Regular readers of my column know this is the time of year I break from addressing public policy issues and focus on positive aspects of life in accordance with the season. I am going to tell you a story about something I was involved in a few months back that will hopefully give you a warm feeling and some positive thoughts about how to guide your own actions.
I drive home most of the time on the same route. I turn off a main street onto a winding street that comes to a stop sign. At the stop sign, I turn left, but always look right to a street that is heading up a hill. For the first time I can remember there was a car parked there which seemed quite out of place as there are no homes on that part of the street.
I thought the car was for someone visiting the houses to the left and I moved on. The next day the car was there and then the next day. I thought I might get involved, but nobody likes a buttinski, so I left it at that. Then on a Saturday afternoon I decided to look because something appeared clearly wrong.
I drove around the car noting the make and model and the current condition. I wrote down the license plate and saw that the license plate frame was from a used car lot which included the phone number.
I called the lot and spoke to the general manager. I told him there might be a car stolen from his lot parked near my home. I gave him the information about the vehicle, and he went and checked his records. When he returned, he stated the car had been sold. He asked if it was alright to have the owner call me directly. I said absolutely.
Ten minutes later I received a call from Michael. After identifying ourselves he asked me to describe the car. Michael was a mix of emotions vacillating between disbelief and euphoria. He asked a couple more questions and smiled broadly through the phone and stated “Yep, that is my car.” Michael told me his car had been missing for a month. While he kept holding out hope, his girlfriend had urged him to give up the ghost and get some new wheels. He felt almost vindicated that his car was within reach of being returned to him.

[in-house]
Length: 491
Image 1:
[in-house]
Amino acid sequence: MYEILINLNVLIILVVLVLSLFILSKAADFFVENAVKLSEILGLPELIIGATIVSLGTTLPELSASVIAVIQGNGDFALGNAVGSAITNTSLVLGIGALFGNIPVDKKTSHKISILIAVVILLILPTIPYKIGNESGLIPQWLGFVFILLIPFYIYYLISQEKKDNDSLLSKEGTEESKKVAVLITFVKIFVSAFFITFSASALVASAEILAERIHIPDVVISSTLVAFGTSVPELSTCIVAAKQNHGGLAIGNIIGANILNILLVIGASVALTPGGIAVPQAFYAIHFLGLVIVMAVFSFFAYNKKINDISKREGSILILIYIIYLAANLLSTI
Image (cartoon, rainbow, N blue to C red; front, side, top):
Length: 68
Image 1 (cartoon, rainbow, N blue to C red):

Michael lives nearby so I told him to just come to my house and we would go over to the vehicle. It was a relief that the vehicle could be identified this way. A different scenario might have involved going to a police station, filing a report, waiting, and waiting to find out if the car was ever returned to the rightful owner — Michael.
Michael arrived at my house, and I got in his car and suggested the following: If the car is his and drivable, he will take the car to his home and I will follow him to his place, drop off a car and he could drive me back to my home. He was delighted with that as he thought he would have to get a buddy over to do all this. I said it was no big deal. He lives less than ten minutes away. Michael was just shocked at this entire scenario, and said God was really looking down on him today.
We drove the winding roads to where the vehicle was located. He got out of the car and used his spare remote key to open it. The lights went on which was an excellent sign since the battery could have been dead from sitting unused for an extended period. He walked around the car and checked inside. He came back to the car I was in and happily told me the car was undamaged and the only thing missing was a CD case. He stood there for a moment in stunned euphoria.
We dropped off his recovered car and he jumped in the one I was driving. When I switched to the passenger seat, I called my brother who is quite knowledgeable about cars. I suggested that Michael might want to run the engine for 45 minutes to recharge the battery. My brother said Michael just needed to drive the car around for 20 minutes which I shared with Michael. That was now his plan directly after dropping me off.
When we started up the hill back to my house I turned to Michael and said, “Don’t even think of offering me a reward of any kind.” He said his girlfriend would want to send me a gift card. My response was “thank you, but no thank you – I am not interested in anything other than helping.”
We got out of the car, and I handed him a business card. I told him he may need to get ahold of me because he filed a police report and had to let them know the vehicle was recovered. Then I said, “Have a great day.” I thought about that and corrected myself. “That was silly; you are already having a great day.” Michael stood there staring at me with a smile that could light a Broadway marquee.
This entire episode took about two hours. Anyone who is victimized as Michael was in this case with his stolen car might just have a bit of faith restored with an act such as this.
While it’s said the ultimate act of giving is to do so anonymously, I share this story with you to perhaps demonstrate it often takes little effort to help another person. We can all be hopeful Michael’s Christmas is a bit better for the little episode we shared.
It’s so important to make someone happy
Make just one, someone happy